The Alternative and Receivables Finance Forum returns this November as a two-day event. Join us to discuss current, new and avant-garde finance systems outside traditional banking, which have potential to replace financial institutions in their current format. We will look at the gateways for banks and other traditional liquidity providers to move into this space. Could we be on the verge of alternative finance becoming mainstream? Will decentralised finance become a new major source of delivering liquidity to the trade and receivables finance sector? How will other technologies continue to impact traditional markets? What can banks do to remain competitive and what are the practicalities of investing in the new technologies?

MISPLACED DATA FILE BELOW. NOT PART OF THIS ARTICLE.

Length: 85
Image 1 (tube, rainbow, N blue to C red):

This November we will bring together panels of expert commentators from across the banking, fintech and non-banking finance sectors to discuss the opportunities set out by the new wave of innovative solutions and why banks, insurers, traditional platforms and others should take notice.
Credit Insurance News' readers can get 20% discount with code: MEDIA-20.
For more information and to reserve your place go to https://bcrpub.com/events/8th-annual-alternative-receivables-finance-forum.
MENA Supply Chain Finance 2022, 28-29 November. Dubai Chamber of Commerce, Al Mamzar.